The Pacers' Defensive Collapse in Game 4 Nearly Cost Them the Win

The Pacers certainly made Game Four interesting. They did win, however, so let’s start with the good: going back to the regular season, they won their 7th straight road game and now head home with a 3-1 series lead on the Magic. It would take a collapse over the next three games that even Indiana seems incapable of to not advance to the next round. And if we look just at Game Four, the team showed an ability to step up on key possessions. They made plays when they needed to make plays.

Now, the bad: everything else that happened in the fourth quarter.

With just 8:14 remaining in regulation, the Pacers led 82-63. Then Indiana, particularly its interior defense, decided to take the rest of the quarter off, allowing the Magic to end the game on a 26-7 run that extended the contest into overtime. This wasn’t exactly the Grizzlies letting the Clippers come back from down 21 points with 12 minutes to play — it was, mathematically, worse. Moreover, the Magic don’t employ Chris Paul or Blake Griffin.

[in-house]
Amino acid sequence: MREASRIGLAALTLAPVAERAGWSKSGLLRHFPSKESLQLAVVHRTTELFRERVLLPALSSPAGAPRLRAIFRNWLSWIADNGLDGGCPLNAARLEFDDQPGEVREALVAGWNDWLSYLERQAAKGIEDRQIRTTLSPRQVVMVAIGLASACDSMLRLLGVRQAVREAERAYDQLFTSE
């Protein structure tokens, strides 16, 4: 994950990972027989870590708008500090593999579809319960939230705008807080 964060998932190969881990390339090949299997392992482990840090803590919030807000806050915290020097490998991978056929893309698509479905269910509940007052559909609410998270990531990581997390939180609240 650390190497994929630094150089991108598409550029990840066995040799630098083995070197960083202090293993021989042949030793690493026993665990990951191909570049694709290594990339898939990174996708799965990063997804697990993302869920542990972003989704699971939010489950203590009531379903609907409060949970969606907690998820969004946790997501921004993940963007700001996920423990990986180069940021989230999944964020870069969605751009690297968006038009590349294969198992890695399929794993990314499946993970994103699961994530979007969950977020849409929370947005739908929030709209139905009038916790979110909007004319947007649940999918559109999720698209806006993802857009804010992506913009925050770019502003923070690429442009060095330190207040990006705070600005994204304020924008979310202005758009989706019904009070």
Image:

How in the world could this happen?

With a total defensive breakdown. And perhaps a questionable coaching decision.

The run began with two Jameer Nelson/Glen Davis pick-and-rolls that were defended equally poorly. On the first, David West (weakly) moved over to stall Nelson’s ball penetration and make no real attempt to recover as Jameer made an easy bounce pass to a rolling Davis. No other Pacer reacted either and Baby got the easy dunk. On the second, Nelson found no resistance and drove all the way to the hoop for an uncontested layup.

They switched it up after that, instead letting JJ Redick handle the ball in an end-line out of bounds play. Davis set the screen, Leandro Barbosa and Roy Hiibbert acted entirely indifferent to JJ’s drive and the former Dukie finished at the rim. Orlando wisely went with this two-man game again soon and while Hibbert played the action better, Leandro was again caught in no man’s land and nearly stumbled as he fruitlessly flailed at Big Baby as he walked his way to an easy dunk.